it could help reduce the number of people who were leaving the profession.
The latest DfE figures reveal that almost 50,000 people quit teaching in the 12 months to November 2013, 25 per cent more than four years earlier.
"We're looking at a situation where something like a third of schools struggle to attract and retain teachers," Professor McFarlane said. "The idea of chartered status is to [provide] the option of a pathway for ambitious teachers who want to stay in the classroom, so they don't have to choose between taking on a management role or changing careers.
"In order to become a chartered teacher, you would have to show evidence that you are reflective and critical of your own practice, that you know how to use evidence and research, and that you evaluate the impact of your teaching on learners.
"These standards won't be set by some mandarin in Whitehall but your peers in your profession."
The coalition behind the college plans envisages that chartered status should eventually become "an achievement that headteachers and employers value and come to regard as a normal expectation of those seeking promotion or employment".
The blueprint for the college, published this week, stresses that although chartered status would initially be reserved for classroom teachers, membership would be open to "anyone with an interest in education", in order to allow the organisation to grow "as quickly as possible".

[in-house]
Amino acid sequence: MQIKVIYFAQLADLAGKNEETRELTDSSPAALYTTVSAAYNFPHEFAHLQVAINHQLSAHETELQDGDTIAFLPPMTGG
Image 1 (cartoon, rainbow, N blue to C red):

Further specialist roles, such as chartered teaching assistant or chartered exam officer, could later be made available.
The move to invite a wider cohort of members has come under fire from teacher-blogger Andrew Old, who said it was an "insult" to the professional identity of teachers.
In a blog responding to the plans, he writes: "The efforts to accommodate every vested interest in education have resulted in a plan that is not even about teachers, and may even be a threat to their professionalism."
But Professor McFarlane stressed that the coalition hoped the two distinct tiers of membership would keep everyone happy.
"While associate membership of the college could be quite broad, chartered status could be for practising teachers only," she said. "There are two ends of the spectrum: those who believe very strongly that membership should only be for classroom-based teachers, and others who say it should be open to anyone who might have something to contribute; a broader community of practice."
The report adds that the College of Teaching could ultimately be given the power to "set and assure standards for initial entry into teaching".
Opposition to the plans has also come from within the trade union movement. The general secretary of the NASUWT teaching union, Chris Keates, described the proposals as "flawed", and said the claim that the government would fund the college without political interference was as "risible as it is insidious". She also criticised the "lack of clarity" about the college's aims and objectives.
The latest proposals stress that the college would be "independent of unions and will not seek to represent teachers on matters such as pay and conditions".
No strings attached: finding funding
In total, pound;11.9 million in funding is expected to be required to get the College of Teaching off the ground by 2019.
Some financial support has been offered by the Department for Education, but the Claim Your College coalition has stressed that any help must be on a "fire and forget" basis, with no strings attached.
Organisers are currently in talks with a "range of charitable and philanthropic sources", and also intend to establish a "crowd-funding platform to recruit founding members" from individuals keen to offer their backing.